Fostering Social & Emotional Skills
Social Emotional Development is one of the core developmental domains for young children. What does that really mean? What determines their ability to handle social and emotional challenges?
I have compiled for you a few practices that I've found to be highly effective and helpful in fostering social emotional skills during my 10 years as an infant/toddler teacher. Not only will these elements add more joy and connection with your child(ren) in the moment, it also sets them up to succeed in school and beyond. The first 5 years before academic learning are the times little ones can dedicate to social emotional skills so they can be successful in dealing with challenges, social conflict, and coping with difficult emotions.
Fostering social emotional skills in young children was always my biggest passion as an educator, which is why I think it's essential to share. It is a great topic for grandparents, babysitters, nannies, or anyone who would be spending a significant amount of time with your kids. Let's dive in!
And let's be real. So many adults can use a refresher in social & emotional well-being, myself included!
Name the emotion(s)
Naming the emotions your child feels builds awareness and the vocabulary to express what is going on. Think of it as "telecasting" what you see. In play, routines, or difficult moments--every moment is an opportunity to teach! Conversations can be as simple as, "You were startled when the dog barked, it made you feel a little nervous. Now you're in my arms and you're safe!" or "It made you so frustrated when your milk spilled! We all make messes sometimes. Here, let's get towels and clean up together."
Your child may not even be old enough to understand what you are saying, but the language acquisition is occurring. The more consistently you dialogue with your child, the more likely it will become a routine in your parenting. It's okay if it feels foreign or strange at first; things take practice.
Examples of emotions/feelings: scared, sad, frustrated, nervous, shy, disappointed, excited, surprised, mad, angry, etc.
To take this a step further, the more in tune we are to our own specific emotions, the better equipped we are to recognize and help our children work through their emotions & feelings.
Utilize "Teachable Moments"
We can be so quick to say "Stop that!" or "No!" & "You're okay." It's almost a muscle reflex, I find it slipping out of my own mouth more than I would like. When children cry or have tantrum constantly, bear in mind that they don't know healthy ways to navigate those sad, angry, disappointing emotions. If we shut down their process through the negative feelings, we miss a valuable moment to teach them what they are feeling and what is a healthy way to work through it. Not to mention emotionally support them in that space to acknowledge that even adults feel embarrassed or shy sometimes too.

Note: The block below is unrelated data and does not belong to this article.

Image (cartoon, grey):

Talk with your child about why they feel what they feel and teach them tools to cope and grow from their experiences. It can be simple as teaching them to take a deep breath or reminding them to use simple word phrases like "turn please!" If we as adults ignore or brush over our kids negative emotions, we'll miss out on really crucial teaching moments.
EXAMPLE: Your child was playing quietly and independently with his blocks. All of a sudden, you look over and see him hitting the blocks together and then throwing them across the room. Instead of reflexively shouting at him to stop throwing toys, here's a response that could foster emotional development:
"Oh no! I saw that you tried to put the blocks together and it wasn't working. It made you feel mad and then you threw the blocks. When you are frustrated, you can always ask me for help. Let's try taking a deep breath [model it] and try again. I'm here to work with you!"
Investigate the Root Cause(s)
There is a reason for every action & behavior. If your child develops a regularly occurring negative behavior, do some investigation! Reflect back if there have been any recent transitions or changes in her environment or schedule that might be causing the behavior. Alleviating environmental stressors can often propel a behavior change for the better.
If your reflections uncover a potential cause for the behavior, test out some changes. Try it for a week or two to see if anything improves!
Adopt the 5:1 Rule
For every one redirection you give to your child, you should give them five positive statements. I've gritted my teeth trying to remember this when I was in the classroom, but boy, does it work! If your child is acting out and having tantrums on a regular basis, they're not a "bad kid." They have emotional needs that aren't being met.
If they're getting your attention with negative behavior, they will learn that's how to get your attention. It may feel like finding needles in an endless haystack, but intentional verbal acknowledgment and positive attention when you see your child doing something positive will make a huge difference. We as humans, adults alike, thrive on connection and love. Try making a conscious effort to give connection and love in abundance :)
As a former educator, I often referred to Zero to Three, an organization founded by researchers and clinicians whose mission is the well-being of infants and toddlers. Here is a link to their social and emotional development articles and resources. I find that many of the insights I gained professionally are incredibly helpful as a parent!
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